Lyons Named Criminal Justice Dean, Director


Phillip Lyons, professor of criminal justice at Sam Houston State University, has been named dean of the university’s College of Criminal Justice and director of its affiliated Criminal Justice Center, effective Sept. 1.

The announcement was made today by SHSU Provost and Vice President for Academic Affairs Jaimie Hebert.

“As we embark on a new chapter in the college, I am confident that Dr. Lyons will work to ensure the continued success of the college and center and will develop a comprehensive strategy that incorporates the diverse strengths and aspirations of the faculty and staff,” he said.


Sam Houston State University is the home of one of the oldest and largest criminal justice programs in the country, serving undergraduate and graduate students, as well as professionals in the field.

Lyons has served as interim dean and director since Vincent Webb stepped down from the position in August 2014. His appointment follows a nationwide search conducted over almost a year.

“I have had the opportunity to work for three different deans during my tenure in the College of Criminal Justice at Sam Houston State University,” Lyons said. “Each of them left both a valuable legacy and insights as to how best to lead. I am humbled and excited at having been selected to lead such a great group of people into the second half of our first century as a program. With this accomplished faculty, outstanding staff, wonderful students, supportive university administration, generous alumni, and agencies in the field who are eager to work with us, I am confident that we will continue to do great things.”

Lyons joined the faculty of Sam Houston State University in 1995 after completing a year-long, pre-doctoral internship in forensic clinical psychology at the Federal Medical Center in Fort Worth, an institution within the Federal Bureau of Prisons. Coincidentally, the warden of the institution was George Killinger, the son of one of the first directors of the criminal justice program at Sam Houston State.

Before completing his internship, Lyons studied at the law and psychology program of the University of Nebraska-Lincoln, earning Master of Arts, Juris Doctor, and Doctor of Philosophy degrees. He has written or coauthored dozens of scholarly and professional works, including books, book chapters, and journal articles, many of which are published in some of the leading journals in his field.

In 2012, Lyons was named the first recipient of the David Payne Academic Community Engagement Award at SHSU, which recognizes excellence in community engagement through teaching, research and service.

In addition to serving as interim dean and director, his previous posts at SHSU include interim chair of the Department of Security Studies, where he oversaw the reconfiguration of a Master of Science degree in homeland security studies; director of the Division of Professional Justice Studies, where he oversaw the college’s academic programs oriented toward practitioners; and executive director for the Center for Policing Innovation, one of about two dozen regional community policing institutes established by the Office of Community Oriented Policing to provide training and technical assistance to agencies on a broad range of community- and problem-oriented policing topics.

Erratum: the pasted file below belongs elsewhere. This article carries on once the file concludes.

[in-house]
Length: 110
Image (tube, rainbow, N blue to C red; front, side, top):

He was selected by his peers to serve a three-year term on the American Psychological Association’s prestigious Committee on Legal Issues, where he worked with other committee members to craft the voice of the APA to law and policymakers. He currently serves on the U.S. Department of Justice (Bureau of Justice Assistance) Executive Session on Police Leadership, where he works with some of the leading lights on how best to create an environment to nurture and develop the thought leaders of the future for the field of policing.

He also designed, developed, and implemented a community policing internship program with students in residence at Sam Houston State for a year from the Zhejiang Police College in Hangzhou, China. The program has garnered national acclaim in China where it is regarded as a model program for international exchange efforts.

Before graduate and law school, Lyons spent several years as a law enforcement officer in Hillcrest Village Marshal’s Office, the Alvin Community College Police Department, and the Alvin Police Department.

When he left full-time law enforcement he was a detective specializing in crimes involving children. He is the only officer in that agency’s history to have received the Officer of the Year Award and the Professionalism Award simultaneously--and after only his first year of service. He is currently a licensed Master Peace Officer.

He lives in Montgomery County with his partner of more than 30 years, Eric Bennett, and their son, Logan Bennett-Lyons.

Member of The Texas State University System